A recent e-mail asked a simple question: “Where can I find broccoli rabe seed?”. Now, broccoli I know – but broccoli rabe seemed to be a different kind of plant. Off to the Internet races I went again.
I immediately gleaned an article that noted “The rabe in broccoli rabe is pronounced raab.” This was important information but I didn’t recognize its significance at the time.
I used another search engine this time, Alltheweb.com. My quest for broccoli rabe information yielded one hundred and seventy eight Web sites with recipes for the vegetable but not a single mention of its seed. The recipes for “Broccoli Rabe Raisins” and “Broccoli Rabe Pilaf” seemed tasty but my questioner wanted to grow the stuff before she cooked it.
Most of the recipes described broccoli rabe as a kind of broccoli, having large leaves and small flower heads. Mention was made of its great content of folic acid and beta-carotene. These are admirable qualities in a vegetable but I began to suspect that it appeared magically on kitchen counters rather than being available at the supermarket.
Finally, after following dozens of broccoli rabe Web links down to inevitable dead ends, I took a shortcut. I e-mailed Dr. Wayne McLaurin, an Extension horticulturist who holds, between his hairy ears, an all-encompassing database of arcane vegetable knowledge.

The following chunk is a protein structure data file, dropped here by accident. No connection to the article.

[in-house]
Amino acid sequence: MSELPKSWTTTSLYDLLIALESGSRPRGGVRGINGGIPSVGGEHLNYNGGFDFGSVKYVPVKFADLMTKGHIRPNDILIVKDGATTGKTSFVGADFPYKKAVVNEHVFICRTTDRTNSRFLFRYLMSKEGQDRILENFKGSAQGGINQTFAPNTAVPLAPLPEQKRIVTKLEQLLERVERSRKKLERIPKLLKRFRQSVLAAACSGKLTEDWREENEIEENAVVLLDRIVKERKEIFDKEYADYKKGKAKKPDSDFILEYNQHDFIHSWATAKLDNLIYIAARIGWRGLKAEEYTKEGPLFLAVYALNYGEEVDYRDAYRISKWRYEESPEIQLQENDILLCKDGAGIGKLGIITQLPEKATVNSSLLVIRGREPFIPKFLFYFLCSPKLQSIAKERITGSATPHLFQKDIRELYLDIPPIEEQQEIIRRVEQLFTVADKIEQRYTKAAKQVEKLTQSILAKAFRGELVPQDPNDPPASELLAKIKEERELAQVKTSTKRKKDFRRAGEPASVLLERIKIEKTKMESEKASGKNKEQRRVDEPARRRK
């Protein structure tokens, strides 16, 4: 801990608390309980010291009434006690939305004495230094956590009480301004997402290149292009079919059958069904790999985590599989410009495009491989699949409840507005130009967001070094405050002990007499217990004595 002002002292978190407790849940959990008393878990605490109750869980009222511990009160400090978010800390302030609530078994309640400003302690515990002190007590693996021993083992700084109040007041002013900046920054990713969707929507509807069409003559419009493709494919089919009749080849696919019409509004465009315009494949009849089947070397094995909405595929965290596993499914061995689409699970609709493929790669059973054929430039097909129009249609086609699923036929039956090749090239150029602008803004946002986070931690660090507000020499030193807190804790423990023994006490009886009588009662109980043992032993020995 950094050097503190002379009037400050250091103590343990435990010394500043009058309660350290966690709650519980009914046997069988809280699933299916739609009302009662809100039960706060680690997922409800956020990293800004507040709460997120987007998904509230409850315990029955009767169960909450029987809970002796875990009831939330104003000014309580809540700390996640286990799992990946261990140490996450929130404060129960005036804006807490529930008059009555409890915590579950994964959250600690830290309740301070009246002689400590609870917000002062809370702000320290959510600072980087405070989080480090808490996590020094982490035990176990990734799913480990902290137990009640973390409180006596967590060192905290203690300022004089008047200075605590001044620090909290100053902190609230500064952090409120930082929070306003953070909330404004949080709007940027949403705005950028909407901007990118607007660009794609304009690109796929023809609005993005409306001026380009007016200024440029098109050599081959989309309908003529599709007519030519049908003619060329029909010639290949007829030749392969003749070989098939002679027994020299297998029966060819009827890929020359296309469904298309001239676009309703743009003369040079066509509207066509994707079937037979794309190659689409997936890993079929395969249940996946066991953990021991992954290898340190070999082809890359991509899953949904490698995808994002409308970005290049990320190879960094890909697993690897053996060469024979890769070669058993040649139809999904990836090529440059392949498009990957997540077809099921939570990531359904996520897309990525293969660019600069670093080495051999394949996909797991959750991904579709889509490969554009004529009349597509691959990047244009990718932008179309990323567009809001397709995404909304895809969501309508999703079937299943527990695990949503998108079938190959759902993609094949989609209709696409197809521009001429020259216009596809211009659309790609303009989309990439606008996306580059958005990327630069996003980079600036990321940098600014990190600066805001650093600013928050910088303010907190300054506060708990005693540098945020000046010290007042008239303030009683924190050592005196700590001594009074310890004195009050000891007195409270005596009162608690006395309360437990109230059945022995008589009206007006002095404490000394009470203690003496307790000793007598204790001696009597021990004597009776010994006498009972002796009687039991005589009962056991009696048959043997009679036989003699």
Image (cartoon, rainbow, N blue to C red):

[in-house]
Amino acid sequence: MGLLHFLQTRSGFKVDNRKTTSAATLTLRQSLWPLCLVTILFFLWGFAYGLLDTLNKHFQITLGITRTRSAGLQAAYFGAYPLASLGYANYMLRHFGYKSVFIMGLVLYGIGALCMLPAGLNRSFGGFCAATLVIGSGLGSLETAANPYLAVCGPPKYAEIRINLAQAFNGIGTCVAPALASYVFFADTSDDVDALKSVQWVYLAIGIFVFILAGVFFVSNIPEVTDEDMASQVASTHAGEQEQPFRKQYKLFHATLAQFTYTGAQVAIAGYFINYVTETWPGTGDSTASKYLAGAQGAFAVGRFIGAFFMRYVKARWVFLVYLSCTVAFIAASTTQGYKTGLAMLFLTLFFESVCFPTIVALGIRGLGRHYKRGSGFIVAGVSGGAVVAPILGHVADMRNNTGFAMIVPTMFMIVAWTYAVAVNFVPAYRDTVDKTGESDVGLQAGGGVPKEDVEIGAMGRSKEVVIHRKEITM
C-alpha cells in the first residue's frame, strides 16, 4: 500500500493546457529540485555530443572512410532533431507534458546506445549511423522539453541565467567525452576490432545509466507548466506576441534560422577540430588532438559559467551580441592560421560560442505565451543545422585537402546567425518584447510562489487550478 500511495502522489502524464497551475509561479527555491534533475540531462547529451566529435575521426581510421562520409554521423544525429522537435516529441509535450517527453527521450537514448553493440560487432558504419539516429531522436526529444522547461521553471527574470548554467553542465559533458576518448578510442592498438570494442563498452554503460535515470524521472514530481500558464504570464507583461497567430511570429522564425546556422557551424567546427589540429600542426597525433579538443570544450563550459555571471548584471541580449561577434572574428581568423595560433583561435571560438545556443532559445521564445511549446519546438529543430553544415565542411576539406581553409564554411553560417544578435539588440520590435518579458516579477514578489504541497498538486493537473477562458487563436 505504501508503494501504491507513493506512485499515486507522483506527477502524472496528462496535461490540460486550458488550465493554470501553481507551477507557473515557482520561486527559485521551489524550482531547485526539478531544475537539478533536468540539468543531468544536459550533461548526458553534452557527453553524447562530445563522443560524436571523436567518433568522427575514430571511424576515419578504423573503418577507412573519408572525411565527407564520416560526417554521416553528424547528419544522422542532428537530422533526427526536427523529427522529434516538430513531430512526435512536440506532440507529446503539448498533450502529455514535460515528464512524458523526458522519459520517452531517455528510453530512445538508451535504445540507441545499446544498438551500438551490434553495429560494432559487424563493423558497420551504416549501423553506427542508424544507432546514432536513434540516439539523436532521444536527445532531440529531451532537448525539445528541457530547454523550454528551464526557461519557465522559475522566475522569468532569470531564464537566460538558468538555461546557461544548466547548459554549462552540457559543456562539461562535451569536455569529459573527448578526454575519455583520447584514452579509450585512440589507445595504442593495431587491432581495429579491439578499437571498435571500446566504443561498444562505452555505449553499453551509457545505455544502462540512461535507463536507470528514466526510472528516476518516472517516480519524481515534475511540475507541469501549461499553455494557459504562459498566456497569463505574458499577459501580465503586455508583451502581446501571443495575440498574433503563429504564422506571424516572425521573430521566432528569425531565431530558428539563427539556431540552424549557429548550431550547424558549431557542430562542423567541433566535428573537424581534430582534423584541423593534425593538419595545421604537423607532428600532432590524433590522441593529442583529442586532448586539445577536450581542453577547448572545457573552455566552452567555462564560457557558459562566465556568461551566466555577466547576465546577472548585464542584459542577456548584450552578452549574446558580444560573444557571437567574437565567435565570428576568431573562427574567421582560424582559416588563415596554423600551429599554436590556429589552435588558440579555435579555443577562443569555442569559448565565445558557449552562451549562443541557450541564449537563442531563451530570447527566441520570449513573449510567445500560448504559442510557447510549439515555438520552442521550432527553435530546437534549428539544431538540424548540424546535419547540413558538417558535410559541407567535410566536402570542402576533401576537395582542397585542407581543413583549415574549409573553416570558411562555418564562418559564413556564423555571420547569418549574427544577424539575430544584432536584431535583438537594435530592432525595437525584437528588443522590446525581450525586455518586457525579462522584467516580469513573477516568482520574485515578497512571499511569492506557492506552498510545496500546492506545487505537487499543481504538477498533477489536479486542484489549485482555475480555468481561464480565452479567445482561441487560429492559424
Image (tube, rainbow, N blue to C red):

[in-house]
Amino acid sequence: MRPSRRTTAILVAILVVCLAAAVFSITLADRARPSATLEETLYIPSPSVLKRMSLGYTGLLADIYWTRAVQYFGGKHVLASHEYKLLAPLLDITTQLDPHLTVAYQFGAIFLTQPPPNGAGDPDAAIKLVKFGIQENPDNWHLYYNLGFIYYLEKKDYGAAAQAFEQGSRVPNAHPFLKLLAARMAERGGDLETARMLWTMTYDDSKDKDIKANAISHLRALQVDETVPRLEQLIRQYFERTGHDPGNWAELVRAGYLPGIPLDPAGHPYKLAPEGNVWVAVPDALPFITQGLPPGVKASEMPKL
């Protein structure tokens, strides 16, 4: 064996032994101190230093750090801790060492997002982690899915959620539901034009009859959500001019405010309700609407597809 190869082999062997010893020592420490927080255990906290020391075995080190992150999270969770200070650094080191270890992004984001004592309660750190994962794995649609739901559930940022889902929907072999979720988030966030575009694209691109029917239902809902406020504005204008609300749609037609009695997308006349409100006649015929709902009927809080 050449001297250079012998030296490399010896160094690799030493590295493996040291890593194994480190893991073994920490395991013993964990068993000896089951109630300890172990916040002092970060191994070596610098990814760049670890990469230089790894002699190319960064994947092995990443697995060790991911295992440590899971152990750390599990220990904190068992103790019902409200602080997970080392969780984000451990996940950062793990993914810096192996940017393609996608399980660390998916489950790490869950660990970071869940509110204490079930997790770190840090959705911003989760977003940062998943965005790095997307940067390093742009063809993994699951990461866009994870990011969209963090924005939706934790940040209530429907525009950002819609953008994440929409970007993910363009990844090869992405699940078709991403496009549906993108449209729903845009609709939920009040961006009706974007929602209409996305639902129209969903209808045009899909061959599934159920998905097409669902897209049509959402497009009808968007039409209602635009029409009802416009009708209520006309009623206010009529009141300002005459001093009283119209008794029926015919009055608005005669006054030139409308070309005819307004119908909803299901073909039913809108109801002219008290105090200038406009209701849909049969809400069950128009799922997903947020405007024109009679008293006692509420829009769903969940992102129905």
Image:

“Just come to the source of all knowledge when you want to know something!” he replied. “Broccoli rabe is commonly called broccoli raab and is Brassica rapa L. var. rapa in scientific circles. In English it is also called turnip broccoli, Italian turnip and broccoletto. In Dutch: raapstelen and raapsteeltjes; in French: raves de feuille; in German: rubenstiel; in Italian: cima di rapa or groccoletti di rapa; in Spanish: nabo de grotes; and in Portuguese: nabo greleiro. What else do you need?”
That outpouring of knowledge was all it took. Search on “broccoli raab seed”……Click!…… and there is the Web site of my friend and fellow television garden host, Ed Hume. He offers hundreds of vegetable and flower seed packets via the Internet and finally, my quest for broccoli rabe (raab) seed is fulfilled.